You can have a career in research, whether in academia or in the research and development departments of businesses or government bodies.
Our Orthodontics MSc is a full time three-year programme of academic, practical and clinical teaching in orthodontics. The programme covers all aspects of modern orthodontics, including normal development and growth of the craniofacial region, development of the dentition, orthodontic tooth movement, treatment planning, management of malocclusion, contemporary appliance systems and treatment mechanics.
The Orthodontics MSc programme is based at King’s College London Dental Institute with clinical treatment clinics at Guy’s and St Thomas’ NHS Foundation Trust and King’s College Hospital NHS Foundation Trust, which collectively with King’s College London form King’s Health Partners. Orthodontic trainees also rotate out to undertake patient treatment sessions at a number of peripheral hospital units within South East England.
The programme is based on the UK General Dental Council Orthodontic curriculum and is delivered through lectures, practical and technical teaching elements, clinical seminars, tutorials, self-directed learning, supervised clinical treatment of patients and attendance on diagnostic and multidisciplinary outpatient clinics.
Academic and clinical teaching is supported by a local virtual learning environment and also through access to the British Orthodontic Society national on-line learning programme. Assessment is through written, oral and practical examinations, clinical work-based assessments, case presentations, patient logbooks and the submission of a research dissertation.
Students undertake a dedicated research project as part of their course and the Dental Institute at King’s provides an environment enriched with internationally recognized academics to facilitate this. In recent years, students have undertaken projects incorporating many different subject areas including clinical orthodontics, craniofacial biology, dental materials science, clinical psychology and dental public health.
Students are encouraged to register and undertake a King’s Graduate Certificate in Academic Practice to further develop their educational skills. The programme complies with the principles of Erasmus and supports the European Union directives on specialisation in orthodontics.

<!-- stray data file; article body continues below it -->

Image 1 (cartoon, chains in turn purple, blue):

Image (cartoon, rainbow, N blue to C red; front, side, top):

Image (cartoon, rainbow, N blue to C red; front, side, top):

The programme prepares you for the Membership in Orthodontics (MOrth) of one of the United Kingdom Royal Surgical Colleges, currently under conjoint status with the Royal College of Surgeons of Edinburgh. Passing the conjoint MSc examination will be complemented by a pass in the MOrth of the Royal College of Surgeons of Edinburgh.
The usual training period is a minimum of 4,500 hours over the degree (3 years) whole-time or agreed equivalent within the framework of a less than full-time training programme.
The programme content is apportioned approximately as:
This time allocation is flexible and will depend upon the capacity of the trainees to complete the curriculum to a competent level.
As we are seeking to identify your suitability for this clinical environment, we expect our interviewees to adopt the dress code required of clinical dental students at King's and/or Guy’s & St Thomas’ NHS Trust. Further information will be given should you choose to apply. Entry to the programme is strictly dependent upon occupational health clearance that you are able to conduct exposure prone procedures (EPPs) before you start clinical work.
This will assess your hepatitis B surface antigen and hepatitis C antibody status, HIV and TB status following the completion of a health questionnaire and a further health check before or at enrolment. If offered a place on the course, overseas students are advised to be tested locally and send the results of these checks with the questionnaire, prior to a separate full test in the UK at the College's Occupational Health Department before term begins. All offers of a place on a programme are made subject to a satisfactory criminal conviction disclosure. If you are from overseas or have never lived in the UK before, you should contact the relevant authorities in your home country to arrange for the equivalent check to be conducted and/or a certificate of good conduct to be issued.
NHS Hospital Trusts
The clinical component of the course may include sessions at some of the following hospital trusts. This is a unique aspect of the training on this course and provides the students with the opportunity for a very wide-based clinical experience.